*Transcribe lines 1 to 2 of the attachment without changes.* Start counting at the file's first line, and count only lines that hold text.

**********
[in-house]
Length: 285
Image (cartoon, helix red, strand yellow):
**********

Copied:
[in-house]
Length: 285